NY Freelancer Hopes Congress will move on from ACA repeal
Steven DeMaio has thrived as a freelance writer and editor for almost 10 years, with clients throughout the U.S. and internationally. Currently based in New York, Steven understands the challenges of working for yourself and, more recently, the uncertainty of the political landscape on healthcare.
With some lawmakers intent on repealing and replacing the Affordable Care Act (ACA), Steven has considered closing his business to find a job with employer-based coverage. Although he was pleased when Speaker Ryan decided to initially drop the proposed replacement plan, the American Health Care Act (AHCA), Steven continues to seriously consider shutting down his business given recent signals that the AHCA may be revived in a new form.
Steven is not alone in his concerns about accessing health insurance. If the AHCA had passed, it would have made health insurance less attainable for self-employed entrepreneurs everywhere by slashing tax credits for individuals who buy their own insurance and removing key provisions that ensure consumers can gain comprehensive coverage. Without those provisions, many freelancers and business owners, like Steven, would be unable to get affordable insurance.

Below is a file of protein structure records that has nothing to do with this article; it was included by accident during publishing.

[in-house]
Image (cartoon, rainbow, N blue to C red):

“Without the ACA, I would have to decide between shutting down my business or risk going uninsured,” he says. “If we want would-be entrepreneurs to take the risk of going out on their own and then staying in business, we should improve on what works in the ACA, not repeal its features that are pro-small business.”
It should come as no surprise, then, that small businesses prefer the ACA to the AHCA by a 2:1 ratio. In fact, according to our new polling, nearly 6 in 10 small businesses owners support the current healthcare law. The survey also found small businesses opposed key components of the replacement plan, and the only specifics of the plan they did support are provisions already available under the ACA, including provisions that prevent insurance companies from charging more for pre-existing conditions and that allow young adults to stay on their parents’ plans until age 26.
That’s why entrepreneurs like Steven are urging Congress to uphold and improve the ACA.
“The lawmakers fighting for repeal do not understand the realities that entrepreneurs face,” says Steven. He hopes that the ACA will continue to be the law of the land and that, instead of reviving the repeal effort, Congress will move on to other legislation that supports the success of small businesses.
“Even the rhetoric about ACA repeal has had a chilling effect on my professional life,” Steven says. “Imagine what actual repeal would do to many small business owners across the country.”